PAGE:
Next Article in Journal
Small Multispectral UAV Sensor and Its Image Fusion Capability in Cultural Heritage Applications
Next Article in Special Issue
The Implication of Vision and Colour in Cultural Heritage
Previous Article in Journal
Physical–Mechanical and Mineralogical Properties of Fired Bricks of the Archaeological Site of Harran, Turkey
Previous Article in Special Issue
Investigation of the Pigments and Glassy Matrix of Painted Enamelled Qing Dynasty Chinese Porcelains by Noninvasive On-Site Raman Microspectrometry
Open AccessArticle

Exploring the Dzi Bead with Synchrotron Light: XRD, XRF Imaging and μ-XANES Analysis

1
Department of Chemistry, Western University, 1151 Richmond Street, London, ON N6A 5B7, Canada
2
Canadian Light Source, 44 Innovation Boulevard, Saskatoon, SK S7N 2V3, Canada
*
Author to whom correspondence should be addressed.
Heritage 2020, 3(3), 1035-1045; https://doi.org/10.3390/heritage3030056
Received: 16 August 2020 / Revised: 7 September 2020 / Accepted: 10 September 2020 / Published: 15 September 2020
(This article belongs to the Special Issue Optical Technologies Applied to Cultural Heritage)
The origin of Dzi beads, also called “tian zhu”, has always been a mystery. These beads come in a variety of patterns, shapes and sizes. They have cultural and heritage significance in Tibet and areas surrounding the Himalayas. The most recognized beads are those with the “eye” pattern. They are said to ward off evil spirits. Due to their reputation, the demand for Dzi beads has increased in Asia. Herein, we report a study of a Dzi bead with a three-eye pattern using X-ray diffraction (XRD), X-ray fluorescence (XRF), X-ray absorption near edge structure (XANES) and imaging techniques. This is a novel area for Dzi bead research using X-rays from a synchrotron light source to determine the chemical composition of the bead, if the pattern is natural or man-made or if the bead is genuine or a replica. These techniques revealed the bead to be composed of agate (silicon dioxide). An interesting feature on the bead’s surface was the etched rings, which were observed to contain regular copper hot spots on their circumference. Our results suggest that the Dzi bead was genuine and started out as an earth-formed agate, with the pattern crafted. View Full-Text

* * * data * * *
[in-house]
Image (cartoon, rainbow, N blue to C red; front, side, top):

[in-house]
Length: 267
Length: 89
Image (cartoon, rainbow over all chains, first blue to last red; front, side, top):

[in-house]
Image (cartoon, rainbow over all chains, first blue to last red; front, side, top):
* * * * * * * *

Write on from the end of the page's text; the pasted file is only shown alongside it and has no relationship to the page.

Keywords: Dzi bead; agate; X-ray diffraction; X-ray fluorescence; X-ray absorption near edge structure; X-ray imaging Dzi bead; agate; X-ray diffraction; X-ray fluorescence; X-ray absorption near edge structure; X-ray imaging
Show Figures

Figure 1

MDPI and ACS Style

Reinhardt, A.; Feng, R.; Xiao, Q.; Hu, Y.; Sham, T.-K. Exploring the Dzi Bead with Synchrotron Light: XRD, XRF Imaging and μ-XANES Analysis. Heritage 2020, 3, 1035-1045. https://doi.org/10.3390/heritage3030056

AMA Style

Reinhardt A, Feng R, Xiao Q, Hu Y, Sham T-K. Exploring the Dzi Bead with Synchrotron Light: XRD, XRF Imaging and μ-XANES Analysis. Heritage. 2020; 3(3):1035-1045. https://doi.org/10.3390/heritage3030056

Chicago/Turabian Style

Reinhardt, Averie; Feng, Renfei; Xiao, Qunfeng; Hu, Yongfeng; Sham, Tsun-Kong. 2020. "Exploring the Dzi Bead with Synchrotron Light: XRD, XRF Imaging and μ-XANES Analysis" Heritage 3, no. 3: 1035-1045. https://doi.org/10.3390/heritage3030056

Find Other Styles

Article Access Map by Country/Region

1
Back to TopTop